However, generating more spin with a faster racket speed isn’t simply a matter of swinging as hard as you can. It’s important to strike a balance between speed, control, and timing. If you strike the ball too early or too late in your swing, you could miss the optimal contact point, reducing the quality and effectiveness of the spin. Moreover, swinging too hard can also lead to less control over your shots and a higher chance of errors.

So, while increasing racket speed can help enhance spin, it should be done with precision, good timing, and control.

improve your table tennis skill

How to deal with the spin in table tennis

The most distinctive feature that sets table tennis apart from other sports is its dynamic and varying spin. My students, particularly beginners, continually need to learn and judge the spin, deepening their understanding of it. This point is especially crucial when facing long-pimpled rubber and during service returns.

  1. Judging the Ball: The first step in dealing with spin is to accurately judge the type of spin, its intensity, and the landing point of the incoming ball. The speed and angle of the opponent’s paddle at the moment of contact with the ball can estimate the spin intensity. A faster swing often means a stronger spin. Also, the sound and sight of the ball can provide cues about the spin’s strength.This skill comes from experience and observation, noticing cues from the opponent’s paddle movement, body position, and the ball’s trajectory.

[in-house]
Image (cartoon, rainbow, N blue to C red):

2. Adjusting Racket Angle: Depending on the incoming spin, you must adjust your racket’s angle to return the ball effectively. For example, if the ball has topspin, you’d need to angle your racket downwards to counteract it, and if the ball has a backspin, you’d angle your racket upwards.
  3. Applying Correct Force: The direction and intensity of force you apply when hitting the ball can help counteract your opponent’s spin. Matching or opposing the spin with your own force can reduce the likelihood of mis-hitting the ball due to the spin effect.
  4. Avoiding Strong Spin Areas: Spinning balls have different spin intensities in different areas. Generally, the area around the ball’s equator (the middle) has the strongest spin. You can minimize the spin’s effect on your return by targeting the ball’s poles (top or bottom).
  5. Building Confidence: Dealing with spin can be intimidating, especially against skilled players. However, it’s important to remember that any spin can be countered with the right strategy. Confidence plays a key role here. Analyzing and understanding your opponent’s spin techniques, and having faith in your ability to respond effectively, can make a significant difference.
  6. Practice: As with any skill, practice is essential. The more you face different types of spins and attempt to counter them, the better you will handle them. Drills focusing on spin returns can help develop the necessary skills and reflexes.

improve your table tennis skill

How long does it take to improve table tennis skills?